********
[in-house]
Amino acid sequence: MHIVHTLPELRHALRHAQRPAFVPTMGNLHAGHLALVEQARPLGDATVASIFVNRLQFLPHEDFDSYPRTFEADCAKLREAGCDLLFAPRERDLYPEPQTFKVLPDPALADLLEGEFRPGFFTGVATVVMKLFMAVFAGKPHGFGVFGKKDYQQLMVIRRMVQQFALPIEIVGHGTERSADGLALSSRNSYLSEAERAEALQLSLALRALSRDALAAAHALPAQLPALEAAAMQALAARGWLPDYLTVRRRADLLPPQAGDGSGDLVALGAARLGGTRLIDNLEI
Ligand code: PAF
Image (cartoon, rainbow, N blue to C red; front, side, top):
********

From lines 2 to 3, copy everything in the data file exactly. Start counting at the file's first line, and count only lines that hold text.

Amino acid sequence: MHIVHTLPELRHALRHAQRPAFVPTMGNLHAGHLALVEQARPLGDATVASIFVNRLQFLPHEDFDSYPRTFEADCAKLREAGCDLLFAPRERDLYPEPQTFKVLPDPALADLLEGEFRPGFFTGVATVVMKLFMAVFAGKPHGFGVFGKKDYQQLMVIRRMVQQFALPIEIVGHGTERSADGLALSSRNSYLSEAERAEALQLSLALRALSRDALAAAHALPAQLPALEAAAMQALAARGWLPDYLTVRRRADLLPPQAGDGSGDLVALGAARLGGTRLIDNLEI
Ligand code: PAF